abstractNote = {Current human generations are commonly exposed to both triclosan (TCS), an antimicrobial agent, and bisphenol A (BPA), the monomer of polycarbonate plastics and epoxies. Both are readily absorbed into circulation and found distributed among diverse tissues. Potential interactions between TCS and BPA are largely unstudied. We investigated whether TCS exposure affects the distribution of ingested {sup 14}C-BPA in select tissues. CF-1 mice were each subcutaneously injected with TCS then orally administered 50 μg/kg {sup 14}C-BPA. Females received 0, 0.2, 0.6, 1, 2, or 18 mg TCS (equivalent respectively to 0, 6.3, 16.9, 30.1, 60.5, and 558.9 mg/kg). Males received 0, 0.2, 2, or 18 mg TCS (equivalent respectively to 0, 5.3, 53.4, and 415.0 mg/kg). Levels of radioactivity were measured through liquid scintillation counting in blood serum and brain, reproductive, and other tissues. Significantly elevated levels of radioactivity were observed following combined TCS and {sup 14}C-BPA administration, with minimally effective TCS doses being tissue-dependent (Females: lungs, 0.6 mg; uterus, 1 mg; heart, muscle, ovaries, and serum, 18 mg. Males: serum, 0.2 mg; epididymides, 2 mg). Subsequently, we found that 2 or 6 mg TCS increased radioactivity in the ovaries and serum of females orally given only 5 μg/kg {sup 14}C-BPA. These data indicate that TCS can interact with BPA in vivo, magnifying its presence in certain tissues and serum. The data are consistent with evidence that TCS utilizes enzymes that are critical for metabolism and excretion of BPA. Further research should investigate the mechanisms through which these two chemicals interact at environmentally-relevant doses. - Highlights: • We examined whether triclosan exposure affects the distribution of oral {sup 14}C-BPA. • Radioactivity was elevated in select tissues of mice injected sc with triclosan. • In females, this effect was most pronounced in the uterus, ovaries, and lungs. • In males, this effect was most prominent in the blood serum and epididymides. • Our data accord with evidence that triclosan competes for enzymes conjugating BPA.},
doi = {10.1016/J.TAAP.2014.04.017},
journal = {Toxicology and Applied Pharmacology},
number = 2,
volume = 278,
place = {United States},
year = {Tue Jul 15 00:00:00 EDT 2014},
month = {Tue Jul 15 00:00:00 EDT 2014}
}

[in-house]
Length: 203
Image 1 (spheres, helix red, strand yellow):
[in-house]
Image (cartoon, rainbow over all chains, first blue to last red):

• People are routinely exposed to the antimicrobial preservatives butyl paraben (BP) and propyl paraben (PP), as well as the monomer of polycarbonate plastics, bisphenol A (BPA). These chemicals are reliably detected in human urine and potentially interact. We investigated whether BP or PP exposure can modulate the concentrations of {sup 14}C-BPA and 17β-estradiol (E{sub 2}). Female and male CF1 mice were each given a subcutaneous injection of oil containing 0 (vehicle), 1, 3, or 9 mg BP or PP, then given a dietary supplement containing 50 μg/kg {sup 14}C-BPA. Radioactivity was measured in tissues through liquid scintillation counting. Significantly elevatedmore » {sup 14}C-BPA concentrations were observed following BP treatment in blood serum of both sexes, as well as the lungs, uterus, and ovaries of females and the testes and epididymides of males. Treatment with PP significantly elevated {sup 14}C-BPA concentrations in the uterus only. In another experiment, female and male CF1 mice were each injected with vehicle, 3 mg BP, or 3 mg PP, and E{sub 2} was measured in urine 2–12 h later. Whereas PP did not affect E{sub 2}, BP significantly elevated E{sub 2} 6–10 h after injection in females and 8 h after injection in males. These data indicate that BP and PP can alter the pharmacokinetics of BPA in vivo, and that BP can modulate E{sub 2} concentrations. These results are consistent with evidence that parabens inhibit enzymes that are critical for BPA and E{sub 2} metabolism, and demonstrate the importance of considering concurrent exposure to multiple chemicals when determining regulatory exposure limits. - Highlights: • We studied whether paraben exposure affects the distribution of oral {sup 14}C-BPA. • Elevated {sup 14}C–BPA was observed in mice given butyl or propyl paraben. • We also studied whether paraben exposure affects natural E{sub 2} levels in urine. • Elevated E{sub 2} was observed in mice given butyl, but not propyl, paraben. • Parabens may compete for enzymes that are critical for BPA and E{sub 2} metabolism.« less